Staying with first impressions, I had learned that everything I mentioned above was true not just for me, but for most others as well. Literally everyone, from relatives and friends to fellow watch enthusiasts who could handle the watch and personally see what it did were just blown away by it. When going out this watch spent as much time being handed around the table as it did on my wrist, with people showing the exact same reactions as I must have shown when I first looked at it: I saw them trying to dive head-first into the dial while duly rotating the bezel, all in an effort to figure out just what exactly is going on.
Despite – or perhaps owing to – this general and striking success, I wondered just how long this “magic” would last; whether as time passed I would remain so fond of the watch and the concept behind it. I had the watch for about five weeks, and that could have given me plenty of time to get used to it – but I didn’t. Even weeks into wearing it I still found myself stuck at a red light, looking at it and playing around with the revelation system. I concluded that perhaps the fact that it is entirely mechanical has something to do with that – for me it just did not fade like, say, most electronic gadgets do.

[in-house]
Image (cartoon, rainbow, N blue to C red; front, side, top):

Beyond the clever dial, there is a lot more going on about the R03: it wants to be a complete package even if the dial is excluded from the equation. To back up such ambitious aspirations it offers a rather uniquely crafted case, a non-proprietary, albeit considerably modified modular movement, and some fine details that do imply a keen eye for details. To begin with, the watch and all its components are entirely Swiss made. Its movement is a base ETA 2892, with a Dubois Depraz chronograph module on top, a combination that has been used in a large number of fine, more high-end chronographs. There is a reason why this setup is now even more appropriate than an integrated chronograph, say a 7750 or similar. See, chrono modules are installed on the dial side of the base movements, hence when the dial is “open” it actually makes the more interesting chronograph module visible. By contrast, most non-modular chronograph watches tend not to offer much eye-candy on the dial side, as the mechanism is situated on the caseback’s side of the movement. With the R03 the result is sort of the contrary: through the sapphire caseback a seemingly usual automatic movement can be observed, spiced up with a more unique rotor made and hand-finished by Revelation. On the dial side however, several bridges and gears, as well as the entire date disc is visible through the transparent dial.